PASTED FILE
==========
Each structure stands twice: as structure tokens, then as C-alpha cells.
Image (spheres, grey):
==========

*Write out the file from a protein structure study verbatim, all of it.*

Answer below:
Each structure stands twice: as structure tokens, then as C-alpha cells.
Image (spheres, grey):